FILM REVIEW: Criterion Collection
Director Alex Cox; Writers Cox and Abbe Wool; Cinematographer Roger Deakins; Starring Gary Oldman, Chloe Webb; Length 112 minutes.
Seen at a friend’s home (DVD), London, Sunday 18 January 2015.
An increasing number of independent features are finding their breaks through crowdsourcing sites like Kickstarter, and The Punk Singer, a documentary about Kathleen Hanna, one of the originators of the so-called Riot Grrrl movement, is no different. It may not play well to those who are not already sympathetic towards Hanna’s life and music, but for those who are, it’s a compelling compilation of archive clips, blasts of her ferocious musical talent (with bands Bikini Kill, Le Tigre and now the Julie Ruin), and the de rigueur talking head commentaries from those who’ve lived with her, worked with her, or just been fans of her music. Hanna herself is interviewed as well (one gets the sense that she is partially an auteur of this particular vision) and it manages to avoid pure hagiography through her apparent caginess as a documentary subject. In many ways it seems like it’s the affliction she’s coped with over the last decade (Lyme’s Disease), and its corrosive effect on her musical creativity, which she feels gives her license to focus on herself as much as this documentary does. I may of course be projecting, but you get the sense from the interviews that she wouldn’t have felt comfortable just doing a piece about her place in musical history (which, let me be clear, is fascinating in itself), whether from humility or as a result of the way her position (as an outspoken woman in a traditionally male-dominated arena) has been distorted by the media; in this regard, it’s probably no coincidence that the majority of talking head interviews here are with women. And so it’s this enforced break in her career that came in 2005 which serves as the documentary’s linchpin, and it turns out to be a relatively dramatically satisfying one as well. The fact that she cancelled a planned appearance at the screening I went to, as well as her upcoming European tour, are clear indications that she hasn’t fully recovered (nor perhaps ever will) from this period of illness, but her recent undaunted musical output suggests there’s some hope for her and for her fans in the future.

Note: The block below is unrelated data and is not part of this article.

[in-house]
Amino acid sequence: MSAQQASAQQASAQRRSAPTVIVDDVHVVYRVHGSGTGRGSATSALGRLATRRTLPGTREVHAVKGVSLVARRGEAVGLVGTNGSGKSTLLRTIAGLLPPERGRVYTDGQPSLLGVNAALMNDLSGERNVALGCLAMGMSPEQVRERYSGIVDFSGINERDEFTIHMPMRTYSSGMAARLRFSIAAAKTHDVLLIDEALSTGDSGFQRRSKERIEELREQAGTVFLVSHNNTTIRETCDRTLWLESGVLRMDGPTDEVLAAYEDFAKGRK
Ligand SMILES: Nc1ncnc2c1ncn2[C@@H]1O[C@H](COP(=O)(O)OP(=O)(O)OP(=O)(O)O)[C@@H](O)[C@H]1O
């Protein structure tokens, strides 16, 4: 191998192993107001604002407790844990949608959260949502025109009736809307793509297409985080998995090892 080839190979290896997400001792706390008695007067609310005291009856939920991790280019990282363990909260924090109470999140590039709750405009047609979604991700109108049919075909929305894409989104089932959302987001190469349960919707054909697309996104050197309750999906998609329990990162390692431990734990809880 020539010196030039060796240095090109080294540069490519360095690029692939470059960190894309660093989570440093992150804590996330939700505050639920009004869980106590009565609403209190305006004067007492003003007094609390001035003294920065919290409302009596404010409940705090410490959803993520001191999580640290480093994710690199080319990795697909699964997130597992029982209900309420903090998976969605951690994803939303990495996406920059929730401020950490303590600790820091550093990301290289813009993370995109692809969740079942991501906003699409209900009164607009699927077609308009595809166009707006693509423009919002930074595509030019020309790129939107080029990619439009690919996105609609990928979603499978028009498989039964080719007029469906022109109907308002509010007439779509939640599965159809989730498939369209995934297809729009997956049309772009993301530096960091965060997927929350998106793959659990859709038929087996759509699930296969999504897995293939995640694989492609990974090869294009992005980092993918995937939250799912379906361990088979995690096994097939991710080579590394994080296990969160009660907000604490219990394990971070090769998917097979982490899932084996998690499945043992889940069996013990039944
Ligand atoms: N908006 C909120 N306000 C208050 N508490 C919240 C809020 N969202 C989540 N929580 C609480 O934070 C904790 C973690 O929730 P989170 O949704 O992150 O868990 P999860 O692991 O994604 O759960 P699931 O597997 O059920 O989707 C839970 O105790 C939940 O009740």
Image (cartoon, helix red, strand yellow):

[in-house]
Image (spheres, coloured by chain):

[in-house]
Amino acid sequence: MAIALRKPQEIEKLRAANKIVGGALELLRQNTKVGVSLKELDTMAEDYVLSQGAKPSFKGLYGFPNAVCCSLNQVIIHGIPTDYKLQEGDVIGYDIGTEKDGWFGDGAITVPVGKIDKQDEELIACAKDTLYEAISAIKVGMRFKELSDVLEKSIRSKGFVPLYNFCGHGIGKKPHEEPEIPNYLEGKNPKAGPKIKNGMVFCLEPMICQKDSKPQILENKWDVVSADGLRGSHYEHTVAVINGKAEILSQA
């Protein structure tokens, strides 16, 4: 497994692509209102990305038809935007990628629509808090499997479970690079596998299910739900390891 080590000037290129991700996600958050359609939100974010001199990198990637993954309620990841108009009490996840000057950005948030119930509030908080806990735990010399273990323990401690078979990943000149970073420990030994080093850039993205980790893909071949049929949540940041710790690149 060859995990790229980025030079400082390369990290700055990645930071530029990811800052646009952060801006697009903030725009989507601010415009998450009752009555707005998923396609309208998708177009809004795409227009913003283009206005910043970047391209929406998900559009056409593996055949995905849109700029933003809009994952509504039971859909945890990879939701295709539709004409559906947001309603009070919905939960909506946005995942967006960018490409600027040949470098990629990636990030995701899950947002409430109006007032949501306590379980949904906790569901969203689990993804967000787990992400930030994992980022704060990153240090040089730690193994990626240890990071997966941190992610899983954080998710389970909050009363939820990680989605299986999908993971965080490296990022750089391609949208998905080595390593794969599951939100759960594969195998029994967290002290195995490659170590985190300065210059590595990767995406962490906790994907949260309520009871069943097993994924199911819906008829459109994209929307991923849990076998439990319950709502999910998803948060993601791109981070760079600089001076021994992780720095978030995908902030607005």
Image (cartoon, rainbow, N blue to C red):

Director Sini Anderson; Cinematographers Jennie Jeddry and Moira Morel; Starring Kathleen Hanna; Length 80 minutes.
Seen at ICA, London, Wednesday 14 May 2014.
It all starts off very slowly with a middle-class middle-aged woman’s birthday party, and, if you’ve not watched a Lukas Moodysson film since Lilja 4-ever (2002) or even, dear me, its follow-up Ett hål i mitt hjärta (A Hole in My Heart, 2004), then you can spend a good portion of the film’s running time fearing a turn towards the nightmarish worst in this story of a couple of young girls growing up in early-80s Stockholm with a flair for non-conformity and a passion for punk music. There’s a lot of stuff that mid-2000s Moodysson could easily have done with this scenario, but the relief — and the delight — of it all is that it remains affirming of the girls’ decisions and makes for a brisk repudiation of lazy clichés about women in rock. Sure, like many punk musicians, the central two, Bobo and Klara (bespectacled Mira Barkhammar and mohawk-sporting Mira Grosin), start from a place of not knowing how to play, but make up for it in sheer determination — not to mention boredom at their tedious conformist lives and school. They recruit one of their schoolmates, Hedvig (Liv LeMoyne), who is actually trained in classical guitar though likewise shunned for her beliefs (in this case, her commitment to Christianity, rather than obnoxious music). This is where things could go all sentimental — you can easily imagine a Hollywood remake with a mellifluously bassy trailer voice hymning these three girls who come from unlikely places to forge a friendship and make music — but it all stays refreshingly free of judgement. My favourite scene is one where some older music tech guys who own a small rehearsal space start mansplaining their instruments to the girls, only to be swiftly rebutted by Hedvig’s playing, which is far superior to theirs. There’s a bit of coming of age thematics to this (there’s a brief dalliance with similar punk boys of around the same age who live out in some far-flung suburb) but mostly it just stays focused on the three young women and their friendship. And it’s delightful.
Director Lukas Moodysson; Writers Coco Moodysson and Lukas Moodysson; Cinematographer Ulf Brantås; Starring Mira Barkhammar, Mira Grosin, Liv LeMoyne; Length 102 minutes.
Seen at Cineworld Shaftesbury Avenue, London, Monday 21 April 2014.